FTSE 100-listed Lloyds Banking Group (LSE:LLOY) looks like one of the greatest bargains on the London Stock Exchange. At 41.8p per share, it offers exceptional all-round value, based on broker forecasts.
For 2024, Lloyds shares trade on a price-to-earnings (P/E) ratio of 6.1 times. This is well below the Footsie average of 11 times.
Meanwhile, a forward dividend yield of 7.6% is almost double the average of 3.9% for FTSE 100 shares.
So why am I not interested the Black Horse Bank? It’s one of Britain’s leading retail banks and has a large and loyal customer base. And now could be a good time to buy its shares as the housing market shows early signs of turning the corner.
Yet despite this, Lloyds’ share price has slumped 22% during the past 12 months. I think it could continue falling in value. Here are just three reasons why.
1. Rate cuts don’t happen
Britain’s banks have got off to a stinker in 2024 as hopes of imminent interest rate cuts have shrunk. News that inflation sped up in January has tempered expectations of interest rate cuts in the spring.
Price rises could remain stubbornly high too amid new Brexit trade rules and if conflict in the Middle East intensifies, affecting shipping routes and pushing up crude prices.
On the one hand, higher interest rates are good for banks as they boost net interest margins (NIMs). These are the difference between the interest banks charge borrowers and offer savers, and are a key gauge of profitability.
But in current periods of economic turmoil they can be counter-productive by sending loan impairments through the roof. Lloyds had already racked up bad loans of £2.4bn between January 2022 and September 2023.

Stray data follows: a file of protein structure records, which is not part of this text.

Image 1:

2. Mortgage arrears surge
Higher-than-normal interest rates, combined with the weak state of the UK economy, also mean that mortgage arrears and property repossessions could keep increasing.
This is concerning for Lloyds given its position as market leader, and could weigh further on its share price (the bank has a 19% share of the home loans market).
Data from UK Finance last week underlines the danger the bank finds itself in. This showed the number of homeowners in mortgage arrears rose 7% between the third and fourth quarters of 2023.
In better news, the number of homeowner property repossessions dropped quarter on quarter. But this was offset by an increase in the quantity of buy-to-let seizures.
3. Growing competition
The danger to Lloyds’ margins have been under pressure as challenger and digital banks, along with building societies, battle to offer the most attractive products. This has seen a surge in the number of customers flocking to them from traditional retail banks.
The fight for Lloyds and its established peers is set to get worse too, further impacting its ability to grow revenues in the mature UK market.
Payments specialist Ayden and mortgage provider Perenna both secured banking licences to trade here late last year. And Revolut’s long-running struggle to receive one could be seismic for the industry if it eventually proves successful.
These are just a few of the risks to Lloyds and its share price in 2024 and beyond. While it’s cheap, I’d rather find other FTSE 100 stocks to invest in today.